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Indian PM Modi's BJP crushed in Kashmir elections despite being the only party contesting polls Open in fullscreen

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Indian PM Modi's BJP crushed in Kashmir elections despite being the only party contesting polls

The state election office said there was a 98 percent turnout. [Getty]

Date of publication: 25 October, 2019

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All the other political parties, including the Indian National Congress, boycotted the polls in protest of the removal of the state's autonomous status.
Indian Kashmir this week held its first local elections since the revocation of its semi-autonomous status, in which Prime Minister Narendra Modi's right-wing BJP were dealt a devastating defeat.

The only party not to have boycotted the elections, the BJP was up against independents with little or no influence. But in a major shock to the party, the independents soundly defeated the BJP, Indian outlet The Wire reported. 

Other local and national parties including the main national opposition the Indian National Congress had boycotted the elections, citing the lockdown of the region and the abrupt, unconstitutional revocation of its semi-autonomous status.  

The independent candidates defeated in 271 of the 307 seats. There was a massive 98 percent voter turnout, according to the state election office. 

Also read: The only way we can resist: Cricket, politics and identity in Kashmir

The polls clearly show the rejection of the central government's policies in the north, who have been touting their success in "integrating" Kashmir into the Indian Union and giving non-Kashmiris the permission to by land and work in the region for the first time.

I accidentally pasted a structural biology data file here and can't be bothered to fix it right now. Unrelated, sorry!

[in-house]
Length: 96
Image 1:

'Disbelief' among senior leaders

The election result has left senior BJP leaders in 'disbelief', a senior party member told Indian news outlet The Wire.

The state of Jammu and Kashmir was split into two following the removal of its autonomous status, turning the two regions into Union Territories that are ruled and governed by the central Indian government.

The party performed poorly even in its southern stronghold of Jammu and in the new Union Territory of Ladakh, with independents defeating the BJP in both regions.

This was the first time in the electoral history of Jammu and Kashmir that all the regional parties are not competing in an election.

New Delhi stripped Kashmir of its flag and its constitution on 5 August this year, curtailing the movement of Kashmiris and enforcing a debilitating state-wide communication blackout.

Anticipating a backlash, the government completely shut down the state, arresting politicians, lawyers, businessmen and separatists.

Three former chief ministers – Farooq Abdullah, Omar Abdullah and Mehbooba Mufti – were among the dozens of politicians either detained or put under house arrest. The 81-year-old Farooq Abdullah has been detained under the draconian Public Safety Act (PSA) that allows detention for up to two years without trial.

Some politicians are being freed once they sign a gag order to refrain from criticising the government's decision in Kashmir. 

These results alongside those in the western state of Maharashtra and the northern state of Haryana have seen opposition parties gain more ground than expecting, proving that the right-wing BJP's stranglehold on Indian politics is not complete.

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